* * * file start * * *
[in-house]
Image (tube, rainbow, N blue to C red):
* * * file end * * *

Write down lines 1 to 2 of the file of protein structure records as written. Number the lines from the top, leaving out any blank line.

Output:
[in-house]
Image (tube, rainbow, N blue to C red):